BOOK OF THE WEEK: Treading Softly

Thomas Princen, Treading Softly: Paths to Ecological Order (The MIT Press, 2010)

Times Higher Education

22 April 2010

In Arthurian legend, when Sir Perceval comes upon the castle of the wounded Fisher King, he is given the chance to restore fertility to the Waste Land. All he has to do is speak. Upon being granted a vision of the Holy Grail, he should pose the ritual question: “Whom does it serve?” That would release the healing power of Christ’s blood, and the kingdom would be restored to health. On his first visit, he fails to do so.

As we ponder our chances of restoring our own Waste Land, we would do well to ask the same question of any publication with “ecological” in the title. Does it serve the gloom and doom brigade, who relish the catastrophe to come? Or does it serve the advocates of business as usual, who say that all we have to do is to “green” our production and consumption?

Happily, Thomas Princen’s salutary and beautifully simple book does neither. What we need, he tells us, are “images of the possible” that may help us envisage what is involved in “living well by living well within our means”.

His aim, he says, is to lay the groundwork for an ecological order: one based on a “home economy” that would be “grounded in place”, would be guided by respect for resources and so would involve minimum consumption.

Whom, then, does this book serve? Speaking frankly, one would have to say that, in the first instance, it serves the impractical green theorists among us who need to bring our ideas, as it were, down to earth; more generally, it serves people of goodwill who realise we are at a turning point, but don’t know which way to turn.

This emphasis on groundwork and economy is a reminder that Karl Marx used the metaphor of a building to explain the workings of a given society. He proposed that its real foundations were the means and relations of production. Now, of course, we must wake up to the fact that the foundations that are even more important are those of nature itself. Notoriously dismissed by Marx as humanity’s tool house, it is now in a perilous condition.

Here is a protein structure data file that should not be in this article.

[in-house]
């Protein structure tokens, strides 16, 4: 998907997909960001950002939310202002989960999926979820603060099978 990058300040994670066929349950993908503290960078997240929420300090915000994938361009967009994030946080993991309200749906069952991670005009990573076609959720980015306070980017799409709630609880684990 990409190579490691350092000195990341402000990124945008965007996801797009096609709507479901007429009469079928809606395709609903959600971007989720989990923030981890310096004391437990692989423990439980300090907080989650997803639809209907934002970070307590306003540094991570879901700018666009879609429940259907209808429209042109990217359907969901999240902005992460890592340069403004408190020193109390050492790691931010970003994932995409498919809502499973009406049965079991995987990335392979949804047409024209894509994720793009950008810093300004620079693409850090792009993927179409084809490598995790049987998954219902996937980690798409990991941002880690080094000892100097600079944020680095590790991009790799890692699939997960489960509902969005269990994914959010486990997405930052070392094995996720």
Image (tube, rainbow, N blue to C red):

Marxism does not get a mention in Treading Softly. So what philosophy does Princen espouse? “Principles”, he declares, are successful if “they fit the needs of the times”. Yesterday “the issue was prohibiting competitive trade practices and preventing economic collapse all via international cooperation and economic growth”. Today? “Now the issue is saving the planet’s life-support system.” This reads very much like pragmatism, and is none the worse for that, given the urgency of his task.

Of course, labelling his approach is useful only if it helps us to grasp what he is saying, and to think and act accordingly. Thus: “We do not so much need a revolution as we need well-defined problems, networks of diverse peoples, and good old hard work. It is possible and it will happen.” The ideal proposed will lead us back to reality.

Existing “realism”, says Princen, tells us that the existing economy, “the Great Industrial Edifice”, is “the one and only path”. Its premises are twofold: “consumers rule” and “technologies save”. The bizarre assumption is that “the planet, aided by clever technologies and well-functioning markets, can withstand yet more abuses, more mining, more consuming, more disposing; we just have to do it better”. In other words, realism turns out to be fantasy, and the industrial edifice turns out to be a house of cards.

The need now, Princen suggests, is to articulate a “new normal” beyond the “old normal”. The latter assumes that “endless material expansion on a finite planet is possible” and is dedicated to cheap energy and consumer demand; it assumes also that risks can be managed, indeed that “economic, technological and demographic growth will solve all problems, including the problems of economic, technological and demographic growth”. Against this muddled thinking, the premise of the new normal stands out crystal clear: “the era of ‘protecting the environment’ is over, and the era of ensuring life support has begun”.